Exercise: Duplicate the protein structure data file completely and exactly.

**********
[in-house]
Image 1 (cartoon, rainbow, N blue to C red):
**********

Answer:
[in-house]
Image 1 (cartoon, rainbow, N blue to C red):